5 Instagram Accounts Celebrating Hispanic Heritage

5 Instagram Accounts Celebrating Hispanic Heritage

10.08.19
10.08.19

It’s National Hispanic Heritage Month, which honors the cultures, histories and accomplishments of U.S. citizens who have roots in Mexico, Central America, the Caribbean and South America. Dating back to 1968, the national observation originally ran for just one week but now lasts 30 days, from Sep. 15 to Oct. 15.

We’ve compiled five Instagram accounts for you to follow that celebrate Hispanic culture 24/7, 365 days a year.

@blactina

Panamanian storyteller and New York resident Nydia Simone started Blactina Media in 2017 to amplify Black, Latinx and Caribbean stories. Watching Blactina’s Instagram Story Highlights on historical figures is like reading through clippings from a history book we all should have studied in school. Simone spotlights key hidden figures, such as the Mexico-born writer Anita S. Coleman, who was a part of the Harlem Renaissance. Each post on Blactina’s page radiates Afrolatinx magic.

@peoplechica

We’ve all been in the grocery store checkout line and spotted that stack of People Magazines covered with celebrity gossip headlines, right? This Instagram account isn’t about spilling the tea. Instead, People Chica’s posts show off #LatinXcellence. The account recently gave props to “Pose” actress and activist Indya Moore, who serves us more than just face, and Ellen Ocha, the first Latina astronaut to go into space. Swiping through @peoplechica keeps you up to speed with all the Latinx legends you recognize and those you need to know.

@hashtagiamenough

#IAmEnough creates space for Latinas to embrace their skin tone, no matter their shade. Each Instagram post uplifts the sisterhood. Afro-Latinx successes and triumphs are celebrated daily, with shout-outs to those who’ve left their mark on America’s history, self-made business owners and others in the community. Through its Instagram posts and blog, @hashtagiamenough shines a light on stories about cultural identity and sets out to inspire women around the world.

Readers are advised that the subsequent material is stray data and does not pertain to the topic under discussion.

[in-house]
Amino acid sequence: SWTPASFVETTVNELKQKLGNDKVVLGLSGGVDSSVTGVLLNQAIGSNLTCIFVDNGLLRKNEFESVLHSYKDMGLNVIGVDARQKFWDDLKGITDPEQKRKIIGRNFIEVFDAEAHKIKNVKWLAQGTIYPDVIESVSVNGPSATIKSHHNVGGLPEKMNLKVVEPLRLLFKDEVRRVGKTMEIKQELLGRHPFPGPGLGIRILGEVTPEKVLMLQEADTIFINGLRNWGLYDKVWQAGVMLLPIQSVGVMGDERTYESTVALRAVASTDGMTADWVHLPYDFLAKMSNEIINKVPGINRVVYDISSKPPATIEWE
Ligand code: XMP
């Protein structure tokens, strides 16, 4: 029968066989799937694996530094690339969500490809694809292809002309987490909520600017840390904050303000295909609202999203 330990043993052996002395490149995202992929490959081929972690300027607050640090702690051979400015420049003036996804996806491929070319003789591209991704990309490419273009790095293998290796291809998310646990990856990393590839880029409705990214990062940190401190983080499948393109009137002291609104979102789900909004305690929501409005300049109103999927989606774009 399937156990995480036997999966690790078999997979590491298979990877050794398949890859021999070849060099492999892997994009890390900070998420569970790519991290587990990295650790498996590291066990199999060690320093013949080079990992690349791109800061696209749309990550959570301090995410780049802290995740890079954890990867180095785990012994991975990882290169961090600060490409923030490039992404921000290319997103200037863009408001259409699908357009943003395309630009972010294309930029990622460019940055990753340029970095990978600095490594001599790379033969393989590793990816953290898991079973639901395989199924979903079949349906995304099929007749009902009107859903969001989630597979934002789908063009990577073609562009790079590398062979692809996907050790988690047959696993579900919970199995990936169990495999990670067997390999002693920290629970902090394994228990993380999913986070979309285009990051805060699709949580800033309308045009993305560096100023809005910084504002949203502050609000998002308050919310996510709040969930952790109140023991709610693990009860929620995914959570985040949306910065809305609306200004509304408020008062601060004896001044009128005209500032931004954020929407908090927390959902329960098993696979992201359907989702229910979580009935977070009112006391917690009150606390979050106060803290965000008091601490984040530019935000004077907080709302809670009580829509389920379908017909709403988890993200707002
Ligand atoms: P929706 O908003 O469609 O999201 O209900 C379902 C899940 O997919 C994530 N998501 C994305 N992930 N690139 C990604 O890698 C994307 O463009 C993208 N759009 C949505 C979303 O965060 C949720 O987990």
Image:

@hispanic_society

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Let's celebrate Holy Week (April 14-20 2019) with this procession scroll by "Pancho" Fierro! . . . The Holy Week procession scroll depicts the Calle de San Agustín in Lima, filled with a series of pasos, or religious floats telling the story of the Passion of Christ. Although Mercedarians, friars of other orders, and secular priests appear, the day is clearly dominated by the Augustinians, who both lead and end the parade. The scroll is intended to be unrolled from left to right. Leading the pasos is the famous statue of Death Triumphant by Baltazar Gavilán (ca. 1708?–ca. 1753?), still preserved in the Church of San Agustín, Lima, from where it has been carried in Holy Week processions for over 250 years. . . . The floats that follow are the Palm Sunday Entry into Jerusalem, the Last Supper, the Agony in the Garden of Gethsemane, the Taking of Christ, the Flagellation, the Via Crucis, the Raising of the Cross, and the Crucifixion with the Virgin Mary and Saint John the Evangelist. . . . The scroll gives the modern viewer a highly detailed view of early republican Lima, with shop signs, members of society from the highest elite to the humblest street vendors, details of the typical Lima balconies, and costumes of every kind. . . . IMAGE: “Pancho” Fierro (Francisco Fierro Palas), Holy Week Procession on the Calle de San Agustín, Lima, Peru, Watercolor on paper, 1830s

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The New York-based Hispanic Society Museum & Library posts pictures from their collection of thousands of rare art pieces made by Hispanic and Latinx artists. The Instagram account is very active. You double-tap the photos because of the striking aesthetics and then stay for the history. And these artworks go way back, as in, some were made hundreds of years ago. Check out a recently-posted three photo grid of a watercolor painting by Afro-Peruvian artist Francisco Fierro Palas made in the 1830s.

@bese

Actress Zoe Saldana, the daughter of a Dominican father and Puerto Rican mother, founded BESE in 2017 because she said she felt that the Latinx community wasn’t being covered fairly in the media. The Instagram account is a love letter to America and displays the country’s beautifully diverse communities. Scrolling through the feed, you’ll find change-makers like transgender rights activist Sylvia Rivera, who helped ignite the Stonewall Riots, and Tanya “Nena Soul Fly” Melendez, a self-identified Boricua specializing in self-acceptance by boosting hair, makeup and adornment services.


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